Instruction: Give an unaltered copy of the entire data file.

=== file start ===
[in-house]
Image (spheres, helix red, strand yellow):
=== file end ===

[in-house]
Image (spheres, helix red, strand yellow):